+ Site Statistics
+ Search Articles
+ PDF Full Text Service
How our service works
Request PDF Full Text
+ Follow Us
Follow on Facebook
Follow on Twitter
Follow on LinkedIn
+ Subscribe to Site Feeds
Most Shared
PDF Full Text
+ Translate
+ Recently Requested

Factors associated with esophageal candidiasis and its endoscopic severity in the era of antiretroviral therapy

Factors associated with esophageal candidiasis and its endoscopic severity in the era of antiretroviral therapy

Plos one 8(3): E58217

Candidia esophagitis (CE) is an AIDS-defining condition, usually occurring in individuals with low CD4 counts of <200 cells/µL. Endoscopy is a valuable definitive diagnostic method for CE but may not be indicated for asymptomatic patients or for those with high CD4 counts or without oral candidiasis. This study assessed such patients to clarify the factors associated with CE and its severity on endoscopy in the highly active antiretroviral therapy (HAART) era. A total of 733 HIV-infected patients who underwent upper gastrointestinal (GI) endoscopy were analyzed. Sexual behavior, CD4(+) count, HIV-RNA viral load (VL), history of HAART, GI symptoms, GI diseases, and oral candidiasis were assessed. Endoscopic severity of CE was classified as mild (Kodsi's grade I/II) or severe (grade III/IV). Of the 733 subjects, 62 (8.46%) were diagnosed with CE (mild, n = 33; severe, n = 29). Of them, 56.5% (35/62) had no GI symptoms, 30.6% (19/62) had CD4 + ≥200 cells/μL, and 55.3% (21/38) had no oral candidiasis. Univariate analysis found lower CD4+ counts, higher HIV VL, and no history of HAART to be significantly associated with CE. With lower CD4(+) counts and higher HIV VL, CE occurrence increased significantly (P<0.01 for trend in odds). Multivariate analysis showed low CD4+ counts and high HIV VL to be independently associated with CE. Of the severe CE patients, 55.2% (16/29) had no GI symptoms and 44.4% (8/18) had no oral candidiasis. Median CD4(+) counts in severe cases were significantly lower than in mild cases (27 vs. 80; P = 0.04). Low CD4+ counts and high HIV VL were found to be factors associated with CE, and advanced immunosuppression was associated with the development of severity. Endoscopy is useful as it can detect CE, even severe CE, in patients without GI symptoms, those with high CD4 counts, and those without oral candidiasis.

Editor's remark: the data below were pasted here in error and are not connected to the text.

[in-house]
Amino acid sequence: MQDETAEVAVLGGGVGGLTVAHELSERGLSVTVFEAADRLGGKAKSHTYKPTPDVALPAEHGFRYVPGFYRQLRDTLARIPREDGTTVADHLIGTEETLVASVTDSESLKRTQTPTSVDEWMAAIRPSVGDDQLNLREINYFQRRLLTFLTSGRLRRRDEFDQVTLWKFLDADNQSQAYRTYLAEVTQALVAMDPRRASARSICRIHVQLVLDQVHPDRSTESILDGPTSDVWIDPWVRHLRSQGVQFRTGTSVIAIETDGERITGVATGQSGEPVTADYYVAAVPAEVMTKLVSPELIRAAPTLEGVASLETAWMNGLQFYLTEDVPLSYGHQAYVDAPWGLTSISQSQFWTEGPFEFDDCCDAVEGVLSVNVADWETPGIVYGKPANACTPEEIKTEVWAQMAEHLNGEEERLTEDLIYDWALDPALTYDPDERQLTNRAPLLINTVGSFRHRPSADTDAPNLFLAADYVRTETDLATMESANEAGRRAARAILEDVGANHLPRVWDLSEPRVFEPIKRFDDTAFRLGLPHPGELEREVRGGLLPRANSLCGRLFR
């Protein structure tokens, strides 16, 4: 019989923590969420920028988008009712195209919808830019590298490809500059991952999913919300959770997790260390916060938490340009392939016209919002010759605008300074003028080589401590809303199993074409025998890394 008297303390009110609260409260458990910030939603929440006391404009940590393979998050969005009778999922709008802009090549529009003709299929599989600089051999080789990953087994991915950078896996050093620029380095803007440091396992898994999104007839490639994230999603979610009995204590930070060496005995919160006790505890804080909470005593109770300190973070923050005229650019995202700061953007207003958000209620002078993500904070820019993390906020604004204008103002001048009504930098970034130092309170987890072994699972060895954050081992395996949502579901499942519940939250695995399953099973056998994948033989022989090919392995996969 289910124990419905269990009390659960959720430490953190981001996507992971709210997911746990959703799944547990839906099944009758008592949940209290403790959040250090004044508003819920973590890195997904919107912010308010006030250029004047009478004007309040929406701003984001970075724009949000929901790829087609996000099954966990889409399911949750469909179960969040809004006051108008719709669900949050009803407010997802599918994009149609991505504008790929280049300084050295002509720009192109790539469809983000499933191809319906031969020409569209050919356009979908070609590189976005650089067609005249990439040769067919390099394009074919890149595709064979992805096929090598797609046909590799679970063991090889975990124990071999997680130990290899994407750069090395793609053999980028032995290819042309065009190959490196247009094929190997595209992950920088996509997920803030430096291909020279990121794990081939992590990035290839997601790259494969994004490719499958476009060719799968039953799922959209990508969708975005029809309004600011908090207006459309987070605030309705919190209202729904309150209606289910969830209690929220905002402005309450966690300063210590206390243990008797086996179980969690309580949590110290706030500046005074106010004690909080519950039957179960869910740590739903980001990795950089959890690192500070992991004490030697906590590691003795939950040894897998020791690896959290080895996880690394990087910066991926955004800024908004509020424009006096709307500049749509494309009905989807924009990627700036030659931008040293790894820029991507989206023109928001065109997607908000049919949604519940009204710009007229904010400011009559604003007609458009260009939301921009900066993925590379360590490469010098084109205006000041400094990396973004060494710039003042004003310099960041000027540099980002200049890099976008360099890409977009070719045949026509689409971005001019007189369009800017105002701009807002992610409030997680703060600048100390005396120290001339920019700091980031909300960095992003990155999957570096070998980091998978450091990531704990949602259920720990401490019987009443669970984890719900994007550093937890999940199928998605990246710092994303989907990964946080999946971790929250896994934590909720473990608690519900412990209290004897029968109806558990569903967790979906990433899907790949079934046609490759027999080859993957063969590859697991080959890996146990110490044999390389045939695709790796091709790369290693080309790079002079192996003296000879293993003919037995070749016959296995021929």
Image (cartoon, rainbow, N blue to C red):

Please choose payment method:

(PDF emailed within 1 workday: $29.90)

Accession: 053193045

Download citation: RISBibTeXText

PMID: 23555571

Related references

Relationship between clinical factors and severity of esophageal candidiasis according to Kodsi's classification. Diseases of the Esophagus 27(3): 214-219, 2014

Esophageal candidiasis in human immunodeficiency virus-infected pediatric patients after the introduction of highly active antiretroviral therapy. Pediatric Infectious Disease Journal 21(5): 388-392, 2002

Long-Term Trends in Esophageal Candidiasis Prevalence and Associated Risk Factors with or without HIV Infection: Lessons from an Endoscopic Study of 80,219 Patients. Plos one 10(7): E0133589, 2015

Immunological and epidemiological factors affecting candidiasis in HIV patients beginning antiretroviral therapy in an Asian clinic. Archives of Oral Biology 82: 86-91, 2017

Factors of failure in fluconazole therapy of oral and esophageal candidiasis in HIV-infected patients. Abstracts of the Interscience Conference on Antimicrobial Agents & Chemotherapy 35: 96, 1995

Pulsatile Wave in Esophageal Wall Blood Vessels after Endoscopic Therapy for Esophageal Varices : Evaluation by Endoscopic Color Doppler Ultrasonography. Digestive Endoscopy 10(1): 9-13, 1998

Esophageal candidiasis. The clinical and endoscopic aspects. Minerva Medica 83(4): 193-196, 1992

The potential of photodynamic therapy to treat esophageal candidiasis coexisting with esophageal cancer. Journal of Photochemistry and Photobiology. B Biology 130: 305-309, 2014

Association of esophageal candidiasis with acute hiv infection and the value of esophageal candidiasis as a diagnostic criterion for aids. Viii International Conference on Aids And The Iii Std World Congress Viii International Conference on Aids And The Iii Std World Congress; Harvard-Amsterdam Conference, Amsterdam, Netherlands, July 19-24, Pagination Varies Viii International Conference on Aids And The Iii Std World Congress: Amsterdam, Netherlands Paper : b228, 1992

Factors affecting successful endoscopic sclero therapy for esophageal varices. Gut 24(10): 946-949, 1983

Clinical studies of esophageal candidiasis at the department of otolaryngology with endoscopic findings. Journal of Tokyo Women's Medical College 55(2): 211-215, 1985

Esophageal candidiasis in AIDS. Clinical, endoscopic, and histopathologic analysis of 19 cases. Revista de Investigacion Clinica; Organo del Hospital de Enfermedades de la Nutricion 43(2): 124-127, 1991

Oropharyngeal candidiasis in the era of antiretroviral therapy. Oral Surgery Oral Medicine Oral Pathology Oral Radiology and Endodontics 109(4): 488-495, 2010

Adherence to antiretroviral therapy: factors independently associated with reported difficulty taking antiretroviral therapy in a national sample of HIV-positive Australians. HIV Medicine 12(9): 562-569, 2011

Factors influencing antiretroviral therapy adherence among HIV-infected people on antiretroviral therapy in Ili Kazakh Autonomous Prefecture. Zhonghua Yu Fang Yi Xue Za Zhi 51(2): 160-164, 2017